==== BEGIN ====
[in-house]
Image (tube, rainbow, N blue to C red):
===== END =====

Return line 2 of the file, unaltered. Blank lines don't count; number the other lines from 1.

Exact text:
Image (tube, rainbow, N blue to C red):